The CCP is a registered society with representation from the Department of Industries and Commerce, Government of Karnataka, Karnataka State Small Industries Development Corporation Limited, Visveswaraya Trade Promotion Centre, Karnataka State Handicrafts Development Corporation Limited and six manufacturer exporters (this excerpt is from the website of CCP).
Channapatna toy production and factory tours –
While there are no structured or organised tours as such, some of the villages like Neelasandra where we visited, do allow the public to stroll in and interact with the artisans who produce these toys in their homes.
We visited the home of Jogaiar and his wife Roopa, a local artisan couple who have been crafting these items since 35 years and witnessed the working of the hand lathe and production of small knick-knacks like key chains, traditional dolls, spinning tops etc.
The CCP too has several private factories of which apparently the Bharath Art and Crafts company organises a factory tour for the public which also includes a DIY session where one can make their own toys. This is a productive activity for adults and children too.
The charges are Rs 100 for a guided factory tour of around 2 hours. Rs 350 is charged for the DIY activity. Sunday is the weekly holiday. Please contact them at the website mentioned above or at 9916777324/9986281007 in order to book the tour.
Where to stay –
This tour can be achieved as a day trip from Bangalore or Mysore but for those who want to spend more than a day in this region can check out some of the resorts at Ramanagara like Shilhaandara etc which are within a 25 km radius of the toy town.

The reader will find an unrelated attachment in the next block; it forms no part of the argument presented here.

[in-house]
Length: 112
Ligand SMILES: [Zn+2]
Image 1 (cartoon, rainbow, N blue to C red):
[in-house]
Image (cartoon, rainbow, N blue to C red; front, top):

What to carry –
The walk through the villages and the CCP is not a difficult one. The roads are good and the distance is not more than a couple of hundred meters. A good pair of walking shoes, a cap, sunglasses, water, umbrella during monsoons etc are some of the gear you need to be equipped with on these tours. Food and drink are available in the main town and along the highway which is just 2 – 3 km away.
Best time to visit –
The production of toys is a year round activity. You could choose to visit depending on your comfort level regarding the weather. Summers can get quite hot in the daytime. Personally I would not prefer to, during summer and monsoon.
Getting there –
Channapatna is around 60 km from Bangalore city and 80 km from Mysore city.
While cab or private car is the most convenient mode of travel, there are also plenty of buses that ply on the highway. Channapatna also has a railway station.
The nearest major airport is at Bangalore around 100 km away. Taxis are available directly from the airport.
Things of interest in the surroundings –
There are a few major places of interest in the Ramanagara district. The most prominent one which is barely 10 km from Channapatna, is the Janapada Loka which is a sprawling 14 acre open air museum that showcases various facets of ancient folk culture and customs. This is a must visit destination for lovers of culture and heritage.
The adjoining Kamat Lokaruchi restaurant is also worth a visit, with its North Karnataka rustic meals and other delectable items.
The Ramadevara betta which was made famous as the shooting location for the timeless Bollywood hit Sholay, is located around 10 km from Janapada Loka. There is is a trekking trail which leads to the peak.
Location details –
Address – Santhanur Road, Thagachegere, Channdevi Agrahara, Karnataka 562160
Phone – 91 9036661907
Please Note –
This visit was courtesy of India Tourism Bengaluru and I thank them for the experience. My narration is based on the inputs I received from various sources as well as my personal experiences.
I would really appreciate your feedback and comments in the comment box below.
For more pictures see My Facebook – Channapatna the Toy Land (coming soon)
Aug 22nd, 2023